Stakeholders developing this guidance standard include: industry, government, labor, consumers, nongovernmental organizations and strives for a geographical and gender-based balance.

US-based American Society for Quality is the coordinating body of the US Technical Advisory Group that will help guide US contributions to ISO 26000. If you would like to participate as a US-based organization, contact ASQ directly.

ISO 14000 & 14001

ISO 14000 is a series of international standards on environmental management. It provides a framework for the development of an environmental management system and the supporting audit program for an enterprise.

ISO 14001 was first published in 1996 and specifies the actual requirements for an enterprise environmental management system focusing on “aspects which the organization has control and over which it can be expected to have an influence.”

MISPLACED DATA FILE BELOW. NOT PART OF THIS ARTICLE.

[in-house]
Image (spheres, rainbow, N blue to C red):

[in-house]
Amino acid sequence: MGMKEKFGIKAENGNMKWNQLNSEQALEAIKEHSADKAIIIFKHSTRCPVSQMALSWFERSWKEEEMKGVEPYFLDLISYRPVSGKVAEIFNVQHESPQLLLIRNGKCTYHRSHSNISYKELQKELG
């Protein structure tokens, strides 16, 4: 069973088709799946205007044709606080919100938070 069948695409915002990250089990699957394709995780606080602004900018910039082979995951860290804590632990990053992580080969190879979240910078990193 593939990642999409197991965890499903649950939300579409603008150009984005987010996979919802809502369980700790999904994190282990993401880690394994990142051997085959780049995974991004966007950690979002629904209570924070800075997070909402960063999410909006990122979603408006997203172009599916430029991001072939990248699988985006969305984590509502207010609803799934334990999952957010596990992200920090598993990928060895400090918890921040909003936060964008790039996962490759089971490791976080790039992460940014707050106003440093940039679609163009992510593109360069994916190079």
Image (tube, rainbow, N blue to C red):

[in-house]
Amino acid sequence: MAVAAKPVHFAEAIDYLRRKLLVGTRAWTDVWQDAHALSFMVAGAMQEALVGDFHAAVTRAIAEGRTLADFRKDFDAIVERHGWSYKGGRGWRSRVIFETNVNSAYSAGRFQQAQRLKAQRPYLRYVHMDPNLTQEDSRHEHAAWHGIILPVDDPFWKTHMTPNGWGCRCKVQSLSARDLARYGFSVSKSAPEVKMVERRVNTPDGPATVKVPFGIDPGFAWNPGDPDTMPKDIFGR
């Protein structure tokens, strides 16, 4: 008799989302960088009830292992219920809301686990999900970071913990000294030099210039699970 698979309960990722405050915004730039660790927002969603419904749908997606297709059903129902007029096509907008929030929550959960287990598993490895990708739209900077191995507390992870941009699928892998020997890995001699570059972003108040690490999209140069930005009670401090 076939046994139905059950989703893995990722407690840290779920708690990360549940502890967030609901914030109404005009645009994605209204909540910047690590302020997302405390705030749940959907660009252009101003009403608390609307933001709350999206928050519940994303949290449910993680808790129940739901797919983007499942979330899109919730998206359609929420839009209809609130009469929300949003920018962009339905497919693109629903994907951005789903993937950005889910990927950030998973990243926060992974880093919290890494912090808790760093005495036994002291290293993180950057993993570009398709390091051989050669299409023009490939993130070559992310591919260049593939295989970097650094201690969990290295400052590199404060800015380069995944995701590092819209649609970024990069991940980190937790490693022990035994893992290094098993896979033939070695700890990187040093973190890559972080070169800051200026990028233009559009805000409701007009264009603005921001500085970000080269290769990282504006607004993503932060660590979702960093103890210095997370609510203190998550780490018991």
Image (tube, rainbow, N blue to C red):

ISO 14001 is the only ISO 14000 standard that can be certified against by an external certification authority although it does not itself state specific environmental performance criteria.

The purpose of this standard is to help all types of organizations to protect the environment, to prevent pollution, and to improve their environmental performance through creating environmental: management systems, policy, planning, resource and structures, monitoring and measurement, and management reviews.

Cradle to Cradle Certification

One of the leading business and product design certifications gaining traction globally, C2C provides a means to tangibly, credibly measure achievement in “eco-effective design” and helps customers purchase and specify products that are pursuing a broader definition of quality.

Business benefits include:

  • Liability and risk reduction
  • Regulatory cost reduction
  • Product and service innovation
  • Product and brand differentiation
  • Customer relationships extending beyond the sale
  • Increased competitive advantage
  • Tangible social responsibility

Leaders who have embraced C2C protocols include: Herman-Miller, Nike, Steelcase, Ford, and the Chinese government. The latter will build 6 new cities designed from the C2C protocol.

The Natural Step